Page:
Review: Crash Team Racing: Nitro-Fueled

Credit: Activision

Hours played: 25+

Platform played on: Nintendo Switch

Did I like this game?/is it fun?: As an avid fan of the original Crash Team Racing for the first PlayStation console. This game brought back so many memories of fun times. I love this game simply because it’s exactly how I remember it as a child. I’ve probably played more Crash Team Racing than I have any Mario Kart game. With that said, I can confidently say that I very much enjoyed this game.

“Buzz Words”: Kart-Racing, Nostalgic, Couch Co-op, Party Game.

Description: CTR Nitro-Fueled is a faithful remake of the original PS1 title and some of the later games in the series developed by Beenox and published by Activision. In this reimagining, you can either play through the full game with only one character like the original, or you can fully customize a roster of twenty-five along with the major aspects of their karts. The tracks are varied with all of the details from old titles perfectly remade in HD, along with some funny new ones. On the appropriate difficulty settings, the game can be challenging enough to make you sweat, but not hard enough to keep it from being fun.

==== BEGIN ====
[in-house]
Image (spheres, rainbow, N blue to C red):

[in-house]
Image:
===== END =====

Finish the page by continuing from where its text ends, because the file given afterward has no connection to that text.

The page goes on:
What I liked about the game: The game scratched an itch that I haven’t been able to scratch for a while. The previously remastered Crash Bandicoot N. Sane Trilogy was enjoyable, but it reminded me that I’m not as good as I once was (seriously, I don’t know how I beat those games as a kid). With CTR:NF, I felt like I knew exactly what I was doing, even playing on the Switch (the best way to play it, fight me). The controls were easy to pick up, especially if you’ve played before or have experience playing Mario Kart. The cartoonish graphical design still somehow manages to pack in a ton of detail. Take Crash’s face for instance, in the original game he had one facial expression (a terrifying one), but in the remake he has a full rotation of expressions based on what he’s doing (including a goofy concentration face with his tongue sticking out). Not to mention the individual hair follicles on each of the animalistic characters as well as the facial and head hair of Doctor Cortex. The customization of the characters and karts isn’t too in depth, but it’s on par with Mario Kart 8, which allows you to pick between a fair amount of karts, colors, stickers, as well as color variations of each character. Perhaps where the game shines the most is playing with others. Having a group of friends over or being at a family function can be transformed into a memorable experience with games like these.